Are you a Monty Python fan (given the name and other elements of the language derive from Monty Python's Flying Circus)?

Yes, this is where I took the language's name. The association with the snake of the same name was forced upon me by publishers who didn't want to license Monty-Python artwork for their book covers. I'm also into the Hitchhiker's Guide to the Galaxy, though I'm not into much other staples of geek culture (e.g. no sci-fi or fantasy, no role playing games, and definitely no computer gaming).

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Given that the language was developed in the 1980s, what made you publish it in 1991?

I actually didn't start until the very end of 1989. It took just a bit over a year to reach a publishable stage.

Were there any particularly difficult or frustrating problems you had to overcome in the development of the language?

I can't remember anything particularly frustrating or difficult, certainly not during the first few years. Even management (usually the killer of all really interesting-but-out-of-left-field projects) indulged my spending an inordinary amount of my time on what was considered mostly a hobby project at the time.

Would you do anything differently if you had the chance?

Perhaps I would pay more attention to quality of the standard library modules. Python has an amazingly rich and powerful standard library, containing modules or packages that handle such diverse tasks as downloading web pages, using low-level Internet protocols, accessing databases, or writing graphical user interfaces. But there are also a lot of modules that aren't particularly well thought-out, or serve only a very small specialized audience, or don't work well with other modules.

We're cleaning up the worst excesses in Python 3.0, but for many reasons it's much harder to remove modules than to add new ones -- there's always *someone* who will miss it. I probably should have set the bar for standard library modules higher than I did (especially in the early days, when I accepted pretty much anything anyone was willing to contribute).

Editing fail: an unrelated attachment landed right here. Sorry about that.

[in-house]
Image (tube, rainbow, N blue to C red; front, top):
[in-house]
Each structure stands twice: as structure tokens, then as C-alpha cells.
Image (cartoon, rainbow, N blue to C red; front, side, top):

A lot of current software is about writing for the web, and there are many frameworks such as Django and Zope. What do you think about current web frameworks based on Python?

For a few years there were definitely way too many web frameworks. While new web frameworks still occasionally crop up, the bar has been set much higher now, and many of the lesser-known frameworks are disappearing. There's also the merger between TurboGears and Pylons.

No matter what people say, Django is still my favorite -- not only is it a pretty darn good web framework that matches my style of developing, it is also an exemplary example of a good open source project, run by people who really understand community involvement.

What do you think about Ruby on Rails?

I've never used it. Obviously it's a very successful web framework, but I believe (based on what users have told me) that Django is a close match.

We've all heard about how Python is heavily used by Google currently. How do you feel about this? Has this exceeded your expectations for the language?

I never had any specific expectations for Python, I've just always been happy to see the user community grow slowly but steadily. It's been a great ride.

Why has the language not been formally specified?